Hydrasun bosses have set their sights on double-digit sales growth after fattening up the energy service company’s order book at the end of last year.
Chief executive Bob Drummond said in November that an influx of new contracts meant sales should increase by 12-15% in 2018-19.
At the time, he said Hydrasun recently secured work worth £25 million in the Caspian and Eastern Mediterranean regions, along with orders totalling £4m for umbilicals and hydraulic leads from customers in the UK and abroad.
But Mr Drummond now says his prediction could be too conservative, with the Aberdeen-headquartered firm’s purple patch stretching out to Christmas.
Pre-tax profits more than doubled to £2.68m in the year to March 31, 2018, despite a drop in turnover to £59.8m from £61.9m, according to accounts published by Companies House.
Earnings before interest, tax, depreciation and amortisation (Ebitda) fell to £4.5m from £7.2m.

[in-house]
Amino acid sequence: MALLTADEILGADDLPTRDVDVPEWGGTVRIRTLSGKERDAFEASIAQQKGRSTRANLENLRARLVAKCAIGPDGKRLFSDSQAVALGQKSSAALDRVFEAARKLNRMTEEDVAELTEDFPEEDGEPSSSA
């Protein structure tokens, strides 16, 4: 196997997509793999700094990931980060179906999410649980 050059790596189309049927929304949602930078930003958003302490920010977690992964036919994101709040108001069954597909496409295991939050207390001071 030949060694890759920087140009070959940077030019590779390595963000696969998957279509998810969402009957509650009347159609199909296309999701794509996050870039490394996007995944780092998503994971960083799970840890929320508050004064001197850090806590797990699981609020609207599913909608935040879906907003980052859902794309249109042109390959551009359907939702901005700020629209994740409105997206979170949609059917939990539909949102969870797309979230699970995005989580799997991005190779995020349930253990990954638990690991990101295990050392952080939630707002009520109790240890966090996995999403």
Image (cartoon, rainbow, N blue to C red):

In his strategic report, Mr Drummond blamed lower oil prices for the slight decrease in sales, but said demand for Hydrasun’s products “held up reasonably well”.
Despite efforts to drum up more work overseas, the UK North Sea is still the largest single operating region for Hydrasun, which provides integrated fluid transfer, power and control solutions to the energy, marine, renewables and defence industries.
Mr Drummond said yesterday in an emailed statement that 2017-18 was the “bottom of the downturn from Hydrasun’s perspective”.
The businessman felt confident that the firm would achieve sales growth of at least 12-15% in the current financial year, “and possibly even a bit more.”
Meanwhile, pre-tax losses at the firm’s London-registered parent company, Hydrasun Group Holdings (HGH), widened to £24.7m in 2017-18, from £20.6m a year earlier.
Funds managed by Investcorp Bank BSC are HGH’s majority shareholder, according to the accounts.